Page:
But I can't see how this statement is supported by what comes before it.

For one thing, I'm not sure how to understand "opposition to war." In its most literal sense -- a categorical opposition to military force against another country -- what the Archbishop writes is undeniably true, but I'm not sure what relevance that literal sense has to do with any practical situation Catholic voters face or are likely to face in the future.

If it means opposition to the current war, though, I think we need to be more careful. Archbishop Burke points out that war is not intrinsically evil, and implies this is because the "practice" of war doesn't include "the direct intention of killing innocent human beings." But what if a particular war does include the direct intention of killing innocent human beings? Or, more generally, if it entails some practice that is intrinsically evil?

As I read the Archbishop's letter, I take him to be implying that it is categorically impossible for a candidate's opposition to any particular evil act that is not intrinsically evil to justify voting for him if he supports any particular act that is intrinsically evil.

If this is in fact the implication of the passage, then it would also follow that a candidate who supported legalized masturbation could not be voted for against a candidate who supported the violent annexation of Mexico (assuming, of course, they each opposed what the other supported). I suppose my respectful question is: Assuming I understand the point correctly, that support for something intrinsically evil is always disproportionately worse than support for something evil but not intrinsically evil, why is the point not absurd?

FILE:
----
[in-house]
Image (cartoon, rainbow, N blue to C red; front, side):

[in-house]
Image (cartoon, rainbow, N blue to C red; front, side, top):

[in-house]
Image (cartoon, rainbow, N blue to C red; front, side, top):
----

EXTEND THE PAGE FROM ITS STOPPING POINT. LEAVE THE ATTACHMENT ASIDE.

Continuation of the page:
As Aurochs and Angels put is, "Intrinsic ≠ Really Bad."


Consider the source

Let me quote Archbishop Burke's recent pastoral letter, for reference in my next post:
Some Catholics have suggested that a candidate's position on the death penalty and war are as important as his or her position on procured abortion and same-sex "marriage." This, however, is not true. Procured abortion and homosexual acts are intrinsically evil, and, as such, can never be justified in any circumstance. Although war and capital punishment can rarely be justified, they are not intrinsically evil; neither practice includes the direct intention of killing innocent human beings. In some circumstances, self-defense and defense of the nation are not only rights, but responsibilities. Neither individuals nor governments can be denied the right of lawful defense in appropriate circumstances (cf. Catechism of the Catholic Church, nn. 2265 and 2309). While we must all work to eradicate the circumstances which could justify either practice, we must stop the killing of innocent unborn children and the practice of euthanasia, and safeguard marriage and the family now. One cannot justify a vote for a candidate who promotes intrinsically evil acts which erode the very foundation of the common good, such as abortion and same-sex "marriage," by appealing to that same candidate's opposition to war or capital punishment. [n. 30]